Los Angeles County on Tuesday approved a proposal to require national grocery and drug retailers operating in unincorporated areas of Los Angeles County to pay frontline workers an additional $5 per hour in “hero pay.”
Supervisors Hilda Solis and Holly Mitchell co-authored the motion calling for a temporary “urgency” ordinance that would apply to store chains that are publicly traded or have at least 300 employees nationwide and more than 10 employees per store. Supervisor Kathryn Barger abstained from the vote, which was 4-0.
“There’s no question that these people deserve hero pay,” Barger said, but told her colleagues that she wanted to make sure there would not be unintended consequences before offering her support.
The motion pointed to a rising number of outbreaks of the virus in grocery stores and the additional stress that workers suffer when they cannot consistently maintain distance from crowds of customers at work. Workers also bear increased child care costs incurred while kids are at home distance learning.
Solis and Mitchell noted that several grocery corporations offered $2 to $4 hourly raises at the outset of the pandemic, but that additional support lapsed in May.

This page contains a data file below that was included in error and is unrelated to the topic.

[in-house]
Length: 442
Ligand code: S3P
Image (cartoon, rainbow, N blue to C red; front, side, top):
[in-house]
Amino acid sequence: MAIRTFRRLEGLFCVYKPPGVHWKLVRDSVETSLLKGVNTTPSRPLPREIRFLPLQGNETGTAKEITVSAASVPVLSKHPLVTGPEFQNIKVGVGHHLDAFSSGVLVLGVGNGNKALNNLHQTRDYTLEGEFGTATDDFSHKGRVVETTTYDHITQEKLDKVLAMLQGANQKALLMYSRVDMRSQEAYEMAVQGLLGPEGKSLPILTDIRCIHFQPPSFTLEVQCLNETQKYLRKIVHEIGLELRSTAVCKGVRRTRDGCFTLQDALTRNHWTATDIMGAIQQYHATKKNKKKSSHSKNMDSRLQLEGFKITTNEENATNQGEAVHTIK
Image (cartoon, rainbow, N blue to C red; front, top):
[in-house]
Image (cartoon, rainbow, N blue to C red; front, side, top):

The California Grocers Association pushed back hard, agreeing that their employees are heroes, but that the ordinance would result in higher food costs, hurting low-income families and seniors already struggling to cover those costs.
“Grocery store workers are frontline heroes, and that’s why grocers have undertaken a massive effort to institute store policies to make both workers and customers safer,” California Grocers Association President and CEO Ron Fong said. “Many grocers have already provided workers with extra pay, bonuses and generous health benefits during the pandemic as a supplement to the fair, competitive wages and benefits collectively bargained by grocery workers’ unions.”
San Francisco supervisors have also passed a resolution Tuesday to give them hazard pay, after urging large chain grocery stores to raise hourly wages for employees by $5.
The $5 in hazard pay would last while the city remains in the purple, red or orange tier on the state’s tiered system.
The extra compensation would not be required of small mom-and-pop groceries.